The news earlier this week that the coronavirus pandemic is likely to wipe out two ice hockey seasons in Britain rather than just one felt like a really depressing moment.
Coinciding with the rise of positive cases across the country as winter approaches and the tightening up of restrictions, the optimism of a couple of months ago seems like a long time ago.
It’s such a shame for a sport that attracts bigger crowds in Scotland than a lot of football clubs.
There’s no secret that the colder the conditions, the worse it is for keeping the virus away so ice hockey and curling aren’t off to a good start.
From a selfish point of view, the fact that we’re not so reliant on getting crowds into venues makes us less vulnerable long-term.
But it does really bring home the fact that there isn’t a bright light at the end of the tunnel yet.
It’s bad enough for those of us at the elite end of our sport but I dread to think what this is doing for indoor sports at grassroots level.
Loads of potential curlers, ice hockey players and ice skaters could be getting lost, which is nobody’s fault.
Things are about to get even more frustrating for me.
The Basel Ladies event is going ahead this week and a lot of the top teams in Europe are going to be there.
It’s been part of our schedule for a decade and, even though I totally agree with us not travelling this year, that won’t make it any easier to watch on TV. It will be the first time it’s felt like we’re missing out on something our rivals are getting.
We’re making the best of it, though.
The mixed doubles tournament amongst the Scottish teams is going well for myself and Bobby Lamie and this week we’re playing a women’s competition between the five programme teams.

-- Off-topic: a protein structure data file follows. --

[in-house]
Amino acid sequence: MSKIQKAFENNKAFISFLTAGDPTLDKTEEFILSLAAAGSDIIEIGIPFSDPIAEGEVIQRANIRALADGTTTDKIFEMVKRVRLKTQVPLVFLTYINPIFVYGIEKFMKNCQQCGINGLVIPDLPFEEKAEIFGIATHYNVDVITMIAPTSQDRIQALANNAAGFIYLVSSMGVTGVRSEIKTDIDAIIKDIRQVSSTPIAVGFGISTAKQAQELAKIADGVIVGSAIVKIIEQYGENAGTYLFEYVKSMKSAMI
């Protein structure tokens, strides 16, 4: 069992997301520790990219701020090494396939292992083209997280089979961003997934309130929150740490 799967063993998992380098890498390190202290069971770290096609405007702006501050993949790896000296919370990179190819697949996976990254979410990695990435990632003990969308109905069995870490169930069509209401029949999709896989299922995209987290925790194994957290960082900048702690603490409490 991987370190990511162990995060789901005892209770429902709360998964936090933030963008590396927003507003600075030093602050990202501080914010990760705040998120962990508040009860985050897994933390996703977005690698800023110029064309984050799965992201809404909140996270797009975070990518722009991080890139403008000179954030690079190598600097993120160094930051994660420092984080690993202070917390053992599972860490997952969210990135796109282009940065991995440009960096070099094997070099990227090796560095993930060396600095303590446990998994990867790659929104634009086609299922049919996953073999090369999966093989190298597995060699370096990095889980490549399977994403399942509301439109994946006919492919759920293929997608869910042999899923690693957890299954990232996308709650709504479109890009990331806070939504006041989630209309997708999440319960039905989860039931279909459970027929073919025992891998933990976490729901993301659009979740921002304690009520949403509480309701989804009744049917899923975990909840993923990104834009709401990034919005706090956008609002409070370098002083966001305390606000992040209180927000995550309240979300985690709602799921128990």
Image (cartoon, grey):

There won’t be any medals (or prize money!) but it will keep us ticking over and, fingers crossed, it’s looking good for our season starting in November in Geneva for the new Euro Super League.
* News stories have been emerging on the back of a BBC Elite British Sportswomen’s Survey that I took part in.
One of the headline figures was that 78% of women athletes were conscious of their body image.
It’s not the sort of statistic you want to see.
I can only speak for myself. I’ve seen a big change over the years I’ve been a full-time curler in terms of the gym-time I clock up in a week – and the same goes for others.
Ten years ago you would hardly see any women in the weights section but now it’s pretty much 50-50.
Attitudes have changed.
These days I can’t think of any sport where the athletes at the top – or near the top – aren’t extremely fit and gym regulars.
Having my gym in the garage has helped get me through lockdown. It helps me mentally as well as physically.
I’m doing everything I can to try and get a gold medal at the next Olympics.
I’ve never experienced any negativity but if that did happen it wouldn’t faze me. For those who are more self-conscious, it’s important their sport puts in place the support they might need.